Some say volatility, rather than debt, is the best way to view risk as an investor, but Warren Buffett said “volatility is far from risk.” So it can be obvious that you need to consider debt, when you think about how risky a given stock is because too much debt can sink a business. We note that Herman Miller, Inc. (NASDAQ: MLHR) has debt on its balance sheet. But the real question is whether this debt makes the business risky.
What risk does debt entail?
Debt is a tool to help businesses grow, but if a business is unable to repay its lenders, then it exists at their mercy. Ultimately, if the company cannot meet its legal debt repayment obligations, shareholders could walk away with nothing. However, a more common (but still costly) situation is where a company has to dilute its shareholders at a cheap share price just to get its debt under control. Of course, the advantage of debt is that it often represents cheap capital, especially when it replaces dilution in a business with the ability to reinvest at high rates of return. When we think of a business’s use of debt, we first look at cash flow and debt together.
See our latest analysis for Herman Miller
How much debt does Herman Miller carry?
You can click on the graph below for historical figures, but it shows that as of August 2021, Herman Miller was in debt of $ 1.34 billion, an increase from $ 351.9 million. , over one year. However, because it has a cash reserve of US $ 243.1 million, its net debt is less, at around US $ 1.09 billion.
How healthy is Herman Miller’s track record?
We can see from the most recent balance sheet that Herman Miller had liabilities of US $ 806.8 million maturing within one year and liabilities of US $ 2.11 billion maturing. beyond. In return, he had $ 243.1 million in cash and $ 307.6 million in receivables due within 12 months. As a result, its liabilities exceed the sum of its cash and (short-term) receivables by $ 2.36 billion.
This is a mountain of leverage compared to its market cap of US $ 2.88 billion. This suggests that shareholders would be heavily diluted if the company needed to consolidate its balance sheet quickly.
In order to measure a company’s debt relative to its profits, we calculate its net debt divided by its earnings before interest, taxes, depreciation and amortization (EBITDA) and its profit before interest and taxes (EBIT) divided by its interest. debtors (its interest coverage). Thus, we look at debt over earnings with and without amortization charges.
Herman Miller’s net debt is 3.8 times its EBITDA, which represents significant leverage but still reasonable. However, its interest coverage of 11.6 is very high, suggesting that interest charges on debt are currently quite low. It is important to note that Herman Miller’s EBIT has fallen 28% over the past twelve months. If this decline continues, it will be more difficult to pay off the debt than to sell foie gras at a vegan convention. When analyzing debt levels, the balance sheet is the obvious starting point. But ultimately, the company’s future profitability will decide whether Herman Miller can strengthen his balance sheet over time. So, if you want to see what the professionals think, you might find this free analyst earnings forecast report interesting.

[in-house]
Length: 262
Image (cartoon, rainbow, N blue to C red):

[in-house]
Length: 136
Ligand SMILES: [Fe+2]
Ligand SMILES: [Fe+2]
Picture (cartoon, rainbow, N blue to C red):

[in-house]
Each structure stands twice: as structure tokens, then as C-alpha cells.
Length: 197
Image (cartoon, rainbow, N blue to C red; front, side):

Finally, a business needs free cash flow to repay its debts; accounting profits are not enough. We therefore always check how much of this EBIT is converted into free cash flow. Over the past three years, Herman Miller has generated strong free cash flow equivalent to 78% of his EBIT, roughly what we expected. This hard cash allows him to reduce his debt whenever he wants.
Our point of view
Herman Miller’s struggle to increase his EBIT made us question the strength of his balance sheet, but the other data points we considered were relatively interesting. In particular, his interest coverage was invigorating. Taking the above factors together, we believe that Herman Miller’s debt presents certain risks to the business. While this debt may increase returns, we believe the company now has sufficient leverage. When analyzing debt levels, the balance sheet is the obvious starting point. However, not all investment risks lie on the balance sheet – far from it. We have identified 5 warning signs with Herman Miller (at least 1 that cannot be ignored), and understanding them should be part of your investment process.
If, after all of this, you’re more interested in a fast-growing company with a strong balance sheet, take a quick look at our list of cash net growth stocks.
This Simply Wall St article is general in nature. We provide commentary based on historical data and analyst forecasts using only unbiased methodology and our articles are not intended to be financial advice. It does not constitute a recommendation to buy or sell shares and does not take into account your goals or your financial situation. Our aim is to bring you long-term, targeted analysis based on fundamental data. Note that our analysis may not take into account the latest announcements from price sensitive companies or qualitative material. Simply Wall St has no position in the mentioned stocks.
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